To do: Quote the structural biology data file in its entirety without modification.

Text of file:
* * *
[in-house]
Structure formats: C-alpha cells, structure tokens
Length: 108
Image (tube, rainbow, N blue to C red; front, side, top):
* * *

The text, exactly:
[in-house]
Structure formats: C-alpha cells, structure tokens
Length: 108
Image (tube, rainbow, N blue to C red; front, side, top):